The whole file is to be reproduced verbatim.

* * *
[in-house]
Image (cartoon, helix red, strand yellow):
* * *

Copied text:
[in-house]
Image (cartoon, helix red, strand yellow):